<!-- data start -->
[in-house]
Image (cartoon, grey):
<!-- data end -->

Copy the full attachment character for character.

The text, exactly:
[in-house]
Image (cartoon, grey):